When home remodelers get in over their heads

May 21, 2011 

I have been there. Too bad "Rescue Renovation" wasn't. The DIY Network TV show that pulls overzealous remodelers out of their pickles was nowhere in sight during any of my umpteen demolition disasters.

Where was host Kayleen McCabe and her crew when I was up to my eyeballs in rubble, broken pipes and torn out sheetrock? Fortunately for two couples, the Romanos and the Leos, their renovations ran amok in the right place at the right time. Their projects will be featured in upcoming episodes, but here's a preview:

Mike and Marissa Romano bought their 130-year-old Victorian home for its charm. The Romanos bought the two-bedroom, two-bath house eight years ago, and have been fixing it up.

"It needed cosmetic changes in every room," said Marissa Romano, who came home recently to find her husband had decided to redo the upstairs bathroom. After Mike had gutted the space, he uncovered floor joists that had sunk several inches in spots and were wobbly. While trying to fix the floor, his foot slipped off a loose joist and...

"I was in the kitchen when I saw Mike's leg crash through the ceiling," Marissa recalled.

The next day - talk about luck - Mike was in a Denver coffee shop nearby and met McCabe. She noticed his firefighter sweatshirt and struck up a conversation. Moments later, McCabe was in the Romanos' torn up bathroom saying, "What an awesome mess!"

She and her crew took it from there. They fixed the joists, and other issues that come with a century-old house. They put in new appliances, tile and fixtures, and a door between the master bedroom and bath - all while staying within the Romanos' $10,000 budget.

Out of the swamp

Meanwhile, a few miles away, Doris and Bryan Leo had gotten into their own mess. Their four-bedroom 1960s ranch house had a space dubbed "the jungle room," a shabbily enclosed a patio that housed a broken hot tub, an oversized plant and a swampy atmosphere.

What they wanted was a bonus room that would transition their indoor space to the outdoors and also be a living space where they could hang out with their two daughters.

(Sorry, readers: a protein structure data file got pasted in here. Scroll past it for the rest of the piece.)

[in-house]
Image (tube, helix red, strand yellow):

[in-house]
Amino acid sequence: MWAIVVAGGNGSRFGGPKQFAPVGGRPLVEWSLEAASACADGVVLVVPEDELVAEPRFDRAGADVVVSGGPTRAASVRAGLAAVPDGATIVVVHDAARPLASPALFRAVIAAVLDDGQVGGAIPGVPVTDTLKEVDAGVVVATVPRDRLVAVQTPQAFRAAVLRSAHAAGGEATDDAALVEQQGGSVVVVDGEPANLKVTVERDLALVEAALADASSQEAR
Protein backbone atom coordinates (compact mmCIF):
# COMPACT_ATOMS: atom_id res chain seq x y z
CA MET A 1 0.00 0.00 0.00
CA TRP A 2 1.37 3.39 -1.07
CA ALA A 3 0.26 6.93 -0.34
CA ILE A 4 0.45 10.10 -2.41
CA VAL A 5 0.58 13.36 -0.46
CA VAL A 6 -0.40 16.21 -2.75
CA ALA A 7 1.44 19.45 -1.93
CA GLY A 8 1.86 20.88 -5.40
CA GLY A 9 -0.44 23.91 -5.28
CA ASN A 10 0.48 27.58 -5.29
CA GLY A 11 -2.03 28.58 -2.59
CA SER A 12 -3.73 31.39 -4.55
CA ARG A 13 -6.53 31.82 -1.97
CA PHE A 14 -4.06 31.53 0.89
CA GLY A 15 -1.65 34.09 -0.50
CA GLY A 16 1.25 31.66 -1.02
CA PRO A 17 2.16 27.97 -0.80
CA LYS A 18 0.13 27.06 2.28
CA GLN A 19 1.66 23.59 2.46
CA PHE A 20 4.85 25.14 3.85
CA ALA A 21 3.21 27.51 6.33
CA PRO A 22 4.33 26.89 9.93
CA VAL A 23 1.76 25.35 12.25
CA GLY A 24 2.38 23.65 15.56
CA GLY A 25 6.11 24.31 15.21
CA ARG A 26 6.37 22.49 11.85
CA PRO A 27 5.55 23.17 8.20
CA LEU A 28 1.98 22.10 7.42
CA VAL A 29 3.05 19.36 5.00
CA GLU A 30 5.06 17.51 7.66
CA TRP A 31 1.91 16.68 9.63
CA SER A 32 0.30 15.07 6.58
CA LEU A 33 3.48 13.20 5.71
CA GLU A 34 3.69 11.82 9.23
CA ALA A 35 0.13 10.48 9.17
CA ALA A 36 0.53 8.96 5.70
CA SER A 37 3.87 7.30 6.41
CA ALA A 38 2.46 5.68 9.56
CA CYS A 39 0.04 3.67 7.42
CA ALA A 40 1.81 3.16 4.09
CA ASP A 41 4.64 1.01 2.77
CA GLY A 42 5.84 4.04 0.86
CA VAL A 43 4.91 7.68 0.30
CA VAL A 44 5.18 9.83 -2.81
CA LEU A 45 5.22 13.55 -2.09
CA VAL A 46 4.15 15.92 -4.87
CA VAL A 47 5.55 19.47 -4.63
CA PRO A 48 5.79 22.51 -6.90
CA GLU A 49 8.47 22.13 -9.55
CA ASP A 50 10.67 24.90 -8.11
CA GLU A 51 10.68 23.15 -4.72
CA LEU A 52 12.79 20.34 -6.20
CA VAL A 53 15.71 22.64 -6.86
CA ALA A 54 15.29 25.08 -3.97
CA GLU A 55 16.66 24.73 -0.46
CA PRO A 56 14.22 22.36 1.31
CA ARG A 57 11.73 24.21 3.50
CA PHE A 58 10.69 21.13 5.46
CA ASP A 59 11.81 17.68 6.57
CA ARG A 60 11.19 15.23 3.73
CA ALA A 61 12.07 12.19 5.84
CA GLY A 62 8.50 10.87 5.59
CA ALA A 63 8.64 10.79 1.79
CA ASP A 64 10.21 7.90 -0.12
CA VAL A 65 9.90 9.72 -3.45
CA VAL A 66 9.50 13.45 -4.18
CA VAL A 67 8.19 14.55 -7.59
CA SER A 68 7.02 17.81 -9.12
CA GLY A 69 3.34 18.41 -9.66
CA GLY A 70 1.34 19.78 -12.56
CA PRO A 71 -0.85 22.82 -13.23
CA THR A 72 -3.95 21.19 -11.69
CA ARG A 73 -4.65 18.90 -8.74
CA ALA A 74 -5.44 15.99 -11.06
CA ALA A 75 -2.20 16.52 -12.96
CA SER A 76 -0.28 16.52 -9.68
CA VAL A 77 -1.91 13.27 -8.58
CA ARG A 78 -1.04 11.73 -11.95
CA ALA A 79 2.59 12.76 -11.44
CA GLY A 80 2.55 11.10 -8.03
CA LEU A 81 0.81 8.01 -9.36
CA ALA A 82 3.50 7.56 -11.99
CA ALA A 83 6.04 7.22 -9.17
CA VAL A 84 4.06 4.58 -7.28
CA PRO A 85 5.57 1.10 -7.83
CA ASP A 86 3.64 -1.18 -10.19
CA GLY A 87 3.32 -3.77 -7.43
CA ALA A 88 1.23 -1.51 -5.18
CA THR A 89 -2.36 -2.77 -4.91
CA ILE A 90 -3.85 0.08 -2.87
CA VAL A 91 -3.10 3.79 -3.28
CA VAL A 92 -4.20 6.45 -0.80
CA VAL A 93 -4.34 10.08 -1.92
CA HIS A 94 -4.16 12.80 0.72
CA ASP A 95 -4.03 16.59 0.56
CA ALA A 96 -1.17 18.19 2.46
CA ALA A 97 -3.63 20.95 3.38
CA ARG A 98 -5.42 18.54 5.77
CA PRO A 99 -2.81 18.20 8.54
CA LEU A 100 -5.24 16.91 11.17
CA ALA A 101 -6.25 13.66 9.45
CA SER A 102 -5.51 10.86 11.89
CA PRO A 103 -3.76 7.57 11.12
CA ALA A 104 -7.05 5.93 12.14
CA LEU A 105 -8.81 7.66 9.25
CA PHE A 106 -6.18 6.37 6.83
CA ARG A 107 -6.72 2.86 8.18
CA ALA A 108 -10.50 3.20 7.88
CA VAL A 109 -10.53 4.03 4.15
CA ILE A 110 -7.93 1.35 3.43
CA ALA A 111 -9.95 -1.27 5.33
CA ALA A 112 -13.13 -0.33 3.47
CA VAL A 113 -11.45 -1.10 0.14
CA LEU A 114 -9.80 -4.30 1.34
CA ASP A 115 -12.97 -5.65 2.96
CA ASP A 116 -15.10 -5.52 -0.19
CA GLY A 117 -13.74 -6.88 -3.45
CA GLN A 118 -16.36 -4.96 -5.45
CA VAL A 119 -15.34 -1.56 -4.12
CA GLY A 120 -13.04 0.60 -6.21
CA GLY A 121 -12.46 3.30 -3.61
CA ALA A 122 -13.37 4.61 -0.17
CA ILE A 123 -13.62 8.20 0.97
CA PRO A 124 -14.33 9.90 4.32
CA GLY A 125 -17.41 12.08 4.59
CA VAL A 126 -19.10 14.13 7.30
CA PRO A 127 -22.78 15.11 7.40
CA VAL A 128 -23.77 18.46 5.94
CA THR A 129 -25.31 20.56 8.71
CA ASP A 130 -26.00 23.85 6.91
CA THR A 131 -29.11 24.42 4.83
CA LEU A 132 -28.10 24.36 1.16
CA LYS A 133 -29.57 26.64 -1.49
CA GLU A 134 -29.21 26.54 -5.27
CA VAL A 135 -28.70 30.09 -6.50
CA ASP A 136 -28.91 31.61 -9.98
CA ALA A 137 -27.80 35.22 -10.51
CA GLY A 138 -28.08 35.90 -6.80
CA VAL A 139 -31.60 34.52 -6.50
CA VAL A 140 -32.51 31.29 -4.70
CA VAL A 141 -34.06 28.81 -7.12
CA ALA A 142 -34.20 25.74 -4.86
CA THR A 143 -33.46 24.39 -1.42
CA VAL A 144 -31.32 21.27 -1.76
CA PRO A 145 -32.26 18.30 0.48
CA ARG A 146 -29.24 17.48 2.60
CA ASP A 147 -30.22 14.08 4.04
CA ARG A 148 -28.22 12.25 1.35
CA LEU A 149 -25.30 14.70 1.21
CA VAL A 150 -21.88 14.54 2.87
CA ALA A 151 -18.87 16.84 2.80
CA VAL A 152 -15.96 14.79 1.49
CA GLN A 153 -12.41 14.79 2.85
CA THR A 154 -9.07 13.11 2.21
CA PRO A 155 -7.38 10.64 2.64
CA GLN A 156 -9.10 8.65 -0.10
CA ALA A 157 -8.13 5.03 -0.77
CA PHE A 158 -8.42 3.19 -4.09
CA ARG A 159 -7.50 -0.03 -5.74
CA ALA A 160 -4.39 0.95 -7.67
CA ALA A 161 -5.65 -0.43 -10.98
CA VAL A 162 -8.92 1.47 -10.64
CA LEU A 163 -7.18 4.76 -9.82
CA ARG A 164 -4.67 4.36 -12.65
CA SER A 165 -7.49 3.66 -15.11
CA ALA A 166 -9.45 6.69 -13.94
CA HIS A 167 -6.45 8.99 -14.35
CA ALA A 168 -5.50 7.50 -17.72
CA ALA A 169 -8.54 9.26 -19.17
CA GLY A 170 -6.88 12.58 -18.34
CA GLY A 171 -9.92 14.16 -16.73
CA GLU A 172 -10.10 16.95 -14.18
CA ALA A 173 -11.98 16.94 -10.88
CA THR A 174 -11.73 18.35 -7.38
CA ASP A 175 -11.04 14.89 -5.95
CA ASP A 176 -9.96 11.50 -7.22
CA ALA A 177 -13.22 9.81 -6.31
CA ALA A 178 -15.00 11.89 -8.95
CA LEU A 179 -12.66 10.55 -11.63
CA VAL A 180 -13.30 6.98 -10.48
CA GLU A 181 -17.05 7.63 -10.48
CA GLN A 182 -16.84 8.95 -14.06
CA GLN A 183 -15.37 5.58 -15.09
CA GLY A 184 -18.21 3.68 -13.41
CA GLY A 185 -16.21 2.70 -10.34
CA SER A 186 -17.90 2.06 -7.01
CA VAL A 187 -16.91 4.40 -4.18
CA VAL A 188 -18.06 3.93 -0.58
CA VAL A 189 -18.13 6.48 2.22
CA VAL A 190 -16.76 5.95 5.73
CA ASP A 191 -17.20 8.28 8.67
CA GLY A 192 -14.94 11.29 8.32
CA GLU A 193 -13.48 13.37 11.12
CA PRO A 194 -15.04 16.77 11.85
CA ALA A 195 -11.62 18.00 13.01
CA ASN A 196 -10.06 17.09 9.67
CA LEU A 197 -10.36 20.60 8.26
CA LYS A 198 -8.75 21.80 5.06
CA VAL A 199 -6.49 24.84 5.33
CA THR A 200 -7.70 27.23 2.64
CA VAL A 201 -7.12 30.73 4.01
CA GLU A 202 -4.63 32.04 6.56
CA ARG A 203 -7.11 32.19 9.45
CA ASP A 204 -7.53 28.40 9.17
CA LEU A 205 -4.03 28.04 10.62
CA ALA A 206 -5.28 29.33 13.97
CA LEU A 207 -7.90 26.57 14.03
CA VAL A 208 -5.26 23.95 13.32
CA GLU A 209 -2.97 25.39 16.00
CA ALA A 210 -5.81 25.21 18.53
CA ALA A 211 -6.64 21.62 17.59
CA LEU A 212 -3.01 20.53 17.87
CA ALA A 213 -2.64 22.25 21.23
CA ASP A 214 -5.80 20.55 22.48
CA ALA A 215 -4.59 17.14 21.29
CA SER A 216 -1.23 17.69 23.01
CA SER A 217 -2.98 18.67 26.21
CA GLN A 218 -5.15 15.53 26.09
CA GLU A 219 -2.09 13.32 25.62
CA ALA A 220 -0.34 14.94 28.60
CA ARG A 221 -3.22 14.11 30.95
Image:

They embarked on what they thought would be a modest remodel involving four new walls and a new hot tub, she said. But once they tore the room apart, they found leaks in the five skylights, faulty plumbing and electrical wiring not to code. "When we hit the plumbing and roofing issues we knew we were in over our heads," she said.

A friend told them that "Rescue Renovation" was looking for projects in peril, and they raised their hands. The rescued space has a new, non-swampy hot tub against a wall with a waterfall, one tight skylight instead of five leaky ones, six windows looking onto the backyard, and an inviting sitting area.

How they learned

Because not everyone can have their renovations rescued, here's what the Romanos and Leos say they've learned from the wreckage:

Plan before you plunge. Both couples figured they would gut the space, then decide. Bad idea. Don't knock out anything until you have a plan, even if you need to change it.

Expect trouble. Imagine the worst (mold, faulty pipes, bad wiring, hornet's nests), and plan for it.

Think through all the steps. The Leos knew they wanted a new hot tub, but they didn't think through how to remove the old tub. The switch required them to rent a boom truck to lift both tubs, and to remove an exterior wall, which added costs.

"Rescue Renovation" airs at 8:30 p.m. Tuesdays on the DIY Network (digital cable channel 356 in the Triangle).The Romano episode airs May 31, and the Leo episode airs Aug 2.

Reach Marni Jameson at www.marnijameson.com.

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